I am trying to compute the conditional expectation $$\mathbb{E}\left[\exp\left(\int_0^t W_s ds\right)\middle|\, W_t\right]$$ where $W$ is a standard Wiener process and where $s\le t$. To initially simplify the problem, I have started with the calculations of $\mathbb{E}[W_s|W_t]$ and $\mathbb{E}\left[\int_0^t W_s \,ds\middle|\,W_t\right]$. On the one hand, since $W_t$ and $W_s- \frac{s}{t}W_t$ are independent (having zero covariance and using a gaussian vector argument), we can see that: $$\mathbb{E}\left[W_s\middle | W_t\right]=\mathbb{E}\left[W_s-\frac{s}{t}W_t\middle |\, W_t\right]+\frac{s}{t}W_t=\frac{s}{t}W_t$$ On the other hand, by independence of $W_t$ and $\int_0^t (W_s- \frac{s}{t}W_t)ds$: \begin{align}\mathbb{E}\left[\int_0^t W_s ds\middle|\,W_t\right]&=\mathbb{E}\left[\int_0^t \left(W_s-\frac{s}{t}W_t\right) ds\,\middle |\, W_t\right]+\frac{t}{2}W_t\\[0.3cm]&=\int_0^t \mathbb{E}\left[W_s-\frac{s}{t}W_t\right]ds+\frac{t}{2}W_t=\frac{t}{2}W_t\end{align} Coming back to our initial problem, we thus have: $$\mathbb{E}\left[\exp\left(\int_0^t W_s ds\right)\,\middle|\,W_t\right]=\exp\left(\frac{t}{2}W_t\right)\mathbb{E}\left[\exp\left(\int_0^t \left(W_s-\frac{s}{t}W_t\right) ds\right)\,\middle|\,W_t\right]$$ We also know that $\int_0^t \left(W_s-\frac{s}{t}W_t\right)ds$ is normally distributed with zero mean (easy to see) and variance given by: $$\mathbb{E}\left[\int_0^t\int_0^t \left(W_s- \frac{s}{t}W_t\right)\left(W_u- \frac{u}{t}W_t\right)dsdu\right]=\int_0^t\int_0^t\left(\min(s,u)-\frac{su}{t}\right)dsdu=\frac{t^3}{12}$$ By independence of $W_t$ and $\exp\left(\int_0^t \left(W_s- \frac{s}{t}W_t\right)ds\right)$, we finally obtain ($Z$ being a standard unit normal variable): $$\mathbb{E}\left[\exp\left(\int_0^t W_s ds\right)\,\middle|\,W_t\right]=\exp\left(\frac{t}{2}W_t\right)\mathbb{E}\left[\exp\left(Z\sqrt{\frac{t^3}{12}}\right)\right] =\exp\left(\frac{t}{2}W_t+\frac{t^3}{24}\right)$$ However, I am not sure if this answer and the arguments I have used are correct? Any ideas or comments would be greatly appreciated.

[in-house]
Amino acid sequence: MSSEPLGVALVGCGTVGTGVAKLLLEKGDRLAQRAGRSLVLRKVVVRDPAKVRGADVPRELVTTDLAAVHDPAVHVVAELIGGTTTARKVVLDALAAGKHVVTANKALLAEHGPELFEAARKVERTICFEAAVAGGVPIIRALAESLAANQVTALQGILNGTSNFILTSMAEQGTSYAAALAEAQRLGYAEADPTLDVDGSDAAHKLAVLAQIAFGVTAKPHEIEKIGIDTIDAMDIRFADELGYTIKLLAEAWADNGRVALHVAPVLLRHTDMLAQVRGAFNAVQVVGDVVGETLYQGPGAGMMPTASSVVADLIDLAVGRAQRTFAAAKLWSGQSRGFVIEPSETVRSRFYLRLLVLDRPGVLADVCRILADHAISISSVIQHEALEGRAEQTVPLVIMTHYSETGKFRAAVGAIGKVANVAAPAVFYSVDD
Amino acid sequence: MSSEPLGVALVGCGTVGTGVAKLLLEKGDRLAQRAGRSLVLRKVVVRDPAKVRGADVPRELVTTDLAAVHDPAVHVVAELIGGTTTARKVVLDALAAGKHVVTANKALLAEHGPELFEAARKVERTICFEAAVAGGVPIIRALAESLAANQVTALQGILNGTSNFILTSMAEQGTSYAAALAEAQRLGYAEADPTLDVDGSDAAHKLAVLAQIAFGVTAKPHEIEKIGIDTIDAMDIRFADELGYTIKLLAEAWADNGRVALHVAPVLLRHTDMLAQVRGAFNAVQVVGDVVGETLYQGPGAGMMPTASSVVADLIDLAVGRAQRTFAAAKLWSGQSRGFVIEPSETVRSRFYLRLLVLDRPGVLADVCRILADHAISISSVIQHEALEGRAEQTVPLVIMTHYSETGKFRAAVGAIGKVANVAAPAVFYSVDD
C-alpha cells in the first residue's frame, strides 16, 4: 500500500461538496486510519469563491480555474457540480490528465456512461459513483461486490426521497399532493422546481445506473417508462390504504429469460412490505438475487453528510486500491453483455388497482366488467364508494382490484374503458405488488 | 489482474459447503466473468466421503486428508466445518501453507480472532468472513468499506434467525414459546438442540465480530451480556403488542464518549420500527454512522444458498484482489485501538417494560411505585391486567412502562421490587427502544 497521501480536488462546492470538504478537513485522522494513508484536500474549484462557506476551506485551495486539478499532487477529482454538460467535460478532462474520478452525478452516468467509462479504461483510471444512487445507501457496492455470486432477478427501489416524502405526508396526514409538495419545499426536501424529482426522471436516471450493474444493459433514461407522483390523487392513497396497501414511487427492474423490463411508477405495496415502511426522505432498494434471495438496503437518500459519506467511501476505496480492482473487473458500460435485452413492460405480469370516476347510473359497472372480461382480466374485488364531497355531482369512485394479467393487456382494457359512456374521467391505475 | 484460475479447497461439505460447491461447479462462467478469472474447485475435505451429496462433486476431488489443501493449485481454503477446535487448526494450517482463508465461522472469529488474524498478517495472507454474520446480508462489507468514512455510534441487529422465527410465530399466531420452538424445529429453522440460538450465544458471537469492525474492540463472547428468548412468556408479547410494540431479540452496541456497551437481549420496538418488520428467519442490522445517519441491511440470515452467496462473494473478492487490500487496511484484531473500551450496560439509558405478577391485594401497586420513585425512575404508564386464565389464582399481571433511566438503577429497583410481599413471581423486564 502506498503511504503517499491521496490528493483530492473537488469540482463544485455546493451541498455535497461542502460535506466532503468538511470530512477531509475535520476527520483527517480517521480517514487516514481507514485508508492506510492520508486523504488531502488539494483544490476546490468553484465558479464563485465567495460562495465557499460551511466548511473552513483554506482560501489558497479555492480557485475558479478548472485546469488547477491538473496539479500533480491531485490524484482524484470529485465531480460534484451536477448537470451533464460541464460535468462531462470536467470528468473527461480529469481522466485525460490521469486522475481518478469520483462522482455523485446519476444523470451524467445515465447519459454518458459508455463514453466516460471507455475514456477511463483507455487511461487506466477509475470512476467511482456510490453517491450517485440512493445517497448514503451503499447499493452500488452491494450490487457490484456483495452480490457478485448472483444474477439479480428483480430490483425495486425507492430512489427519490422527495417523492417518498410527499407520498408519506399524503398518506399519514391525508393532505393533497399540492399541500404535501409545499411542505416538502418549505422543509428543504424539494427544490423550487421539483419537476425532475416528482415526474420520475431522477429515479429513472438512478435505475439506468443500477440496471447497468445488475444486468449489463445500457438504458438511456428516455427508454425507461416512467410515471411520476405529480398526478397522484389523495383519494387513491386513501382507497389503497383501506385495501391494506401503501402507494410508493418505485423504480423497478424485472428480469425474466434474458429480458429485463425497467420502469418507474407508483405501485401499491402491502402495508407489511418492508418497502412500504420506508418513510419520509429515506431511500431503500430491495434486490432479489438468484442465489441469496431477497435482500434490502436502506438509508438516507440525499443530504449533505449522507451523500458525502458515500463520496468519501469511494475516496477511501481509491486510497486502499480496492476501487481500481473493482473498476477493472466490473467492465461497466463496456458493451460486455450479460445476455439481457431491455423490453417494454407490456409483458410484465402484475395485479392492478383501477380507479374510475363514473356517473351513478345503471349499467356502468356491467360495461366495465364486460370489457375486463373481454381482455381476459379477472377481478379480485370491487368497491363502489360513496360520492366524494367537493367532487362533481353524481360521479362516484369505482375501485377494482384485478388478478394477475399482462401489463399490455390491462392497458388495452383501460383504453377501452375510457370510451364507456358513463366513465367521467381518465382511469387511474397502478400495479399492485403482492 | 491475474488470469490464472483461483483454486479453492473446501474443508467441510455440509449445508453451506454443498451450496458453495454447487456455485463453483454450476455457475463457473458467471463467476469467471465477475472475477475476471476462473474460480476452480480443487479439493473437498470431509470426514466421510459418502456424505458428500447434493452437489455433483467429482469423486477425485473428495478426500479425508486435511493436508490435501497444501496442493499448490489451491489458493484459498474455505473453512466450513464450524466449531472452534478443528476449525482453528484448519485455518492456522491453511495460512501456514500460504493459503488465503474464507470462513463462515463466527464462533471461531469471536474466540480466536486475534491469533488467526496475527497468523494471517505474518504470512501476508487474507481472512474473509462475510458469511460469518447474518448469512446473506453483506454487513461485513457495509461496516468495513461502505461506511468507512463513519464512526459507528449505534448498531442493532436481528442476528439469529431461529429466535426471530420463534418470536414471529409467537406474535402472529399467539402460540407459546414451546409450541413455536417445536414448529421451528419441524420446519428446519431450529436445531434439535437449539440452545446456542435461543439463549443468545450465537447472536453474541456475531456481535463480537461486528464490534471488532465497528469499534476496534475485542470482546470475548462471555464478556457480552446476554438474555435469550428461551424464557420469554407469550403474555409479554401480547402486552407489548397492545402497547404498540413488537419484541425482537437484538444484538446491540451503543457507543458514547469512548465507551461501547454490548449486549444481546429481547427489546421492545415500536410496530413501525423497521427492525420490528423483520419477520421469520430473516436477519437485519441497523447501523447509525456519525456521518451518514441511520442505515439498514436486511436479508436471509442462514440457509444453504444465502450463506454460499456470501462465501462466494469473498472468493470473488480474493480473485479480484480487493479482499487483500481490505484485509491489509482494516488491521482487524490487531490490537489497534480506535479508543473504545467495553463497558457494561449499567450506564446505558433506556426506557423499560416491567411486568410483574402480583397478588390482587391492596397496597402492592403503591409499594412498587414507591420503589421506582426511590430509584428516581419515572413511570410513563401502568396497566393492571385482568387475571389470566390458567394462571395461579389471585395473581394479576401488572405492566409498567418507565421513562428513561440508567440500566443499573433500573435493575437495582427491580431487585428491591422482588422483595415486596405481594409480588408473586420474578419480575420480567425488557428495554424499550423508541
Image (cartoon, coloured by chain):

• 4
    $\begingroup$ You rightly show that the result is $$e^{tW_t/2}E(e^X)$$ with $$X=\int_0^tW_sds-\frac{t}2W_t$$ thus, $X$ is normal centered, but your computation of its variance is flawed since it neglects the dependency of $W_s-(s/t)W_t$ and $W_u-(u/t)W_t$ for $u\ne s$. Any idea to compute $E(X^2)$? $\endgroup$ – Did Oct 13 '16 at 6:05
  • $\begingroup$ Many thanks for your reply. With your notation, I find that $X$ is normally distributed with zero mean and variance $t^3/12$, therefore the final result should be $\exp(\frac{t}{2}W_t+\frac{t^3}{24})$, does this seem correct? $\endgroup$ – user223935 Oct 13 '16 at 6:15
  • 2
    $\begingroup$ Please show how you computed this variance. $\endgroup$ – Did Oct 13 '16 at 6:18
  • $\begingroup$ I have now edited my post with the computation (general idea, I have obviously used Fubini to interchange expectation and double integral), does it seem correct now? $\endgroup$ – user223935 Oct 13 '16 at 6:26
  • 1
    $\begingroup$ Yes. Well done. $\endgroup$ – Did Oct 13 '16 at 6:48

A systematic way to do this:

  1. Compute the joint distribution of the two Gaussian variables $Y:=\int_0^T W_t dt$ and $X:=W_T$ and then
  2. Evaluate the conditional distribution, which we know is obtained from the following least squares regression: $$ Y = \alpha + \beta X + Z, \label{LSQ}\tag{1}$$ where $Z$ is zero mean Gaussian variable independent of $X$ with variance $$\sigma^2_Z = \mathrm{Var}(Y-\beta X)=\mathrm{Var}(Y)-\beta^2\mathrm{Var}(X),\label{sigZ}\tag{2}$$ $\beta$ is the least squares slope coefficient, $$\beta = \frac{\mathrm{Cov}(X,Y)}{\mathrm{Var}(X)},\label{beta}\tag{3}$$ and $\alpha$ is the so-called intercept, chosen to make the mean of $Z$ zero, $$ \alpha = E[Y]-\beta E[X].\label{alpha}\tag{4}$$ In summary this gives the conditional distribution formula $$ Y\mid X \sim N(\alpha +\beta X,\sigma^2_Z).\label{Y|X}\tag{5}$$
  3. Finally evaluate the conditional expectation using the moment generating function formula for a Gaussian random variable $$E[\exp(Y)\mid X] =\exp(\alpha +\beta X + \sigma^2_Z/2).\label{MGF}\tag{6}$$

It remains to compute the individual ingredients.

1a) $Y$ is rewritten using (stochastic) integration by parts, $ Y = TW_0+\int_0^T (T-t)dW_t.$ This gives $E[Y]=TW_0$ and $\mathrm{Var}(Y)=\int_0^T (T-t)^2dt=T^3/3$.

1b) $E[X] = W_0$ and $\mathrm{Var}(X)=T$ by standard properties of BM.

1c) $\mathrm{Cov}(X,Y) = \mathrm{Cov}(\int_0^T dW_t,\int_0^T (T-t)dW_t) = \int_0^T (T-t)dt =T^2/2$.

Calculate all the parameters of the regression (\ref{LSQ}) using formulae (\ref{sigZ}-\ref{alpha}), starting with (\ref{beta}):

2a) $\beta = T^2/(2T^2)=1/2$, $\alpha = TW_0 - W_0/2$.

2b) $\sigma^2_Z = T^3/3-T^2/4$.

2c) From (\ref{Y|X}) $Y\mid X \sim N(TW_0 + (W_T-W_0)/2, T^3/3-T^2/4)$.

Finally put everything together in (\ref{MGF}):

3a) $E[\exp(Y)\mid X] =\exp(TW_0 + (W_T-W_0)/2 + T^3/6-T^2/8)$.


Your Answer

By clicking “Post Your Answer”, you agree to our terms of service, privacy policy and cookie policy

Not the answer you're looking for? Browse other questions tagged or ask your own question.